Selected filmography: Lost in Translation (2003), Marie Antoinette (2006)
Sofia Coppola catches a lot of flak. No surprise, given that she's the daughter of a famous director. Yet despite the cries of nepotism, she's proven to be a resilient figure with a style all her own, one that escapes her father’s name and turns her own name into an adjective tossed around in film classes. That's so Sofia Coppola.
What does that mean? A lot, actually. It means the image looks like it’s shot through a sun shower. It means the story is told between the lines, in the silence around each character. It means that you can re-experience the film just by playing back the carefully curated soundtrack. It means that every shot and every prop has a purpose. But most of all, it doesn’t feel fake. She writes and directs what she knows: the stories of troubled young women lost in a culture of excess, celebrity obsession, and superficial charms. A culture that isn't kind to women. Coppola composes the now.
In her Oscar-winning Lost in Translation, she examines the life of lonely young wife (Scarlett Johansson) whose photographer husband (Giovanni Ribisi) is so engrossed in his Hollywood work that she finds solace in a washed-up actor (Bill Murray) staying in the same Tokyo hotel as the couple. What could be a picture of upper-crust vanity becomes a universal story about a man and woman who’ve become so disenchanted with their lives that they cling to the one real thing they can find. In Tokyo, surrounded by signs they can’t read and small talk they can’t translate, they understand no one in the chaos but each other. Coppola is a master at finding the essence of an idea—in Lost in Translation’s case, it’s delivered by Bill Murray in one poignant line: “The more you know about who you are, and what you want, the less you let things upset you”—and building an entire movie around it.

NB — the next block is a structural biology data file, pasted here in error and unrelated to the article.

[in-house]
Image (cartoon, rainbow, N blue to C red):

In her infamous Marie Antoinette, best known for being booed at Cannes, she took a very liberal take on the controversial French monarch. But, considering the '90s' Virgin Suicides and Lost in Translation, any other approach from her would’ve felt forced. Rather than running with the tried-and-true version of a period piece, Coppola presented Marie Antoinette as Thirteen set in the 18th century. Never has a historical figure felt so familiar. Decorated with pastry-like accoutrement, the film is a portrait of a young girl (Kirsten Dunst) forced to grow up too soon, and in the public eye. Sound familiar? Essentially, Coppola presented her as the Lindsay Lohan of her generation, and that message couldn't be more clear. Adding together the miscommunication Marie has with her husband and royal contemporaries, the hidden pair of Chuck Taylors, the music from New Order, the Cure, and Gang of Four, and the Valley girl accent Marie uses when she actually gets the chance to speak for herself, Marie Antoinette is an impressive portrait of youth in all its unpolished edges and flaws.
Coppola's project has remained unwavering in the second decade of the aughts with Somewhere and The Bling Ring. She's unafraid to meditates on the fickle, delicate, bored, and shallow, turning them into tragedies worth paying attention to. —Tara Aquino